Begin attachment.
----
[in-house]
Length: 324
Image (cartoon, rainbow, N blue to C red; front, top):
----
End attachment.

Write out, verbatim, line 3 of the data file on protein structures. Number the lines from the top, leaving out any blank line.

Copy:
Image (cartoon, rainbow, N blue to C red; front, top):